printers



#4

I've got an HP82240A printer and have been looking at the B series.

Asusming I use 19bII,42S, 48 series, and a 28c for printing- is there any real advantage to getting a B? Will all of these calcs work with the A? (I've read about old printer mode in the 48)

-Christof


#5

The 82240B has a red "power on" indicator LED that lights up when you turn it on. If you aren't using the AC adapter, it switches into a "low-power" mode. In the low-power mode, the indicator is off and it won't receive, but all printing modes and any characters accumulated in the buffer are retained. Pressing the paper advance button while in the low-power mode brings it back to normal without losing anything. This might save you some battery life, but it's still best to turn it off when you're through using the printer.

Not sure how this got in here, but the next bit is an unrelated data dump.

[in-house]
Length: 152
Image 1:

The 82240A doesn't have the character set (for characters 128 through 255) that the 48 uses. The OLDPRT command correctly remaps some, but not all, of these characters to match the 82240A set. To see which characters will print correctly, execute OLDPRINT PRTPAR 2 GET. This will give you a 128-character string. The 1st character is what character 128 will be remapped to for printing, the 2nd is what character 129 will be remapped to, and so on through the 128th is what character 255 will be remapped to. Characters in the 48 set that aren't available on the 82240A are remapped to character 127, which looks like a grey rectangle. I believe that all of the characters actually used as delimiters or in command names on the 48 are remapped correctly by the OLDPRT command.

The 28C and 28S have the same character set as the 82240A.

The 82240B has 2 character sets. When it's first turned on (or after a reset escape sequence) the character set used on the 28 is selected. Anytime you print something from a 48, the printer switches to the correct character set for the 48. Note that if if you then need to print from a 28, you need to switch back to the 28 character set by using an escape sequence or turning the printer off and then back on.